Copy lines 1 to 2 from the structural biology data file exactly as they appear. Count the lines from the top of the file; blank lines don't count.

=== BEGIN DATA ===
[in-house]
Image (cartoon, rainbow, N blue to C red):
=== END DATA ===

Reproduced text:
[in-house]
Image (cartoon, rainbow, N blue to C red):